After the initial eruption, the Philippine Institute of Volcanology and Seismology raised the warning level to 4 out of 5, saying that a much more dangerous eruption could occur "within hours or days."

The warning triggered a massive evacuation from Batangas province, where Talisay is located, and from neighboring Cavite province.

Disaster management officials report that 44,376 families, or 171,140 people, have sought shelter in nearly 600 evacuation centers.

And 23,188 families, or 94,403 people, are housed outside such centers, usually with relatives. But many turn up at evacuation centers anyway in search of food.

Some 15,000 such evacuees showed up last week at the sprawling National Shrine of St. Padre Pio in the city of Santo Tomas, just beyond the 9-mile danger zone around the volcano. Father Froilan Carreon helps run the center, which is exceptionally well-equipped by Taal disaster standards. He told NPR on Tuesday that, for now, they can only concentrate on the 500 people who have settled at their center and must turn away the "walk-ins." He worries they will be forced to "wander, looking for food" and that "the government should improve that."

With no recourse, they may well yearn to return home and then act on it.

On Tuesday, the Volcanology Institute held a news conference to discuss the situation and to address the concerns of local officials, such as Talisay's vice mayor.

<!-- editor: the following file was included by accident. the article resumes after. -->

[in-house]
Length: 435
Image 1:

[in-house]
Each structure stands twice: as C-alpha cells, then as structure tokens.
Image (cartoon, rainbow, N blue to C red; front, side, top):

Maria Antonia Bornas, chief of the Philvolcs Volcano Monitoring and Eruption Prediction Division, said she "understood" that Natanauan "is under so much stress."

"We would like to respect the vice mayor's feelings, but at the same time, we are firm in our science that we are doing our best," Bornas told reporters.

After evacuations went into full swing late last week, Bornas announced that the volcano had experienced a calming and that a hazardous eruption might not happen "for a considerable period of time."

That created a dilemma for the people living near the volcano, who have been forced to leave their property and livestock, and the authorities who ordered them away. Some residents have already defied government orders and returned home.

"We understand their plight," Bornas said at Tuesday's news conference. "We are working doubly hard so we can give them the best information."

"We will be the first one to say if it's safe to go back because we have [the evacuees] in mind all the time," she added.

Meanwhile, Interior Secretary Eduardo Ano told officials in Batangas province over the weekend that they need to permanently relocate some 6,000 families living in four villages along the slopes of the 1,020-foot Taal Volcano, now declared a "no man's land."

The area, which is home to farmers, fish pen operators and tourist guides, has long been designated a danger zone by the government because of the proximity of the volcano. Officially, no one is allowed to live there, but that injunction has received lax enforcement over the years.

"We have to enforce these regulations once and for all because their lives are at stake," Ano said Sunday, according to The Associated Press.

Taal is among the most active volcanoes in the Philippines, which sits on the "Ring of Fire," an area of elevated volcanic and seismic activity that circles the Pacific Ocean. Taal last erupted in 1977. In a 1911 eruption, it killed 1,335 people.

Copyright 2021 NPR. To see more, visit

Scott Neuman is a reporter and editor, working mainly on breaking news for NPR's digital and radio platforms.
Julie McCarthy
Julie McCarthy has spent most of career traveling the world for NPR. She's covered wars, prime ministers, presidents and paupers. But her favorite stories "are about the common man or woman doing uncommon things," she says.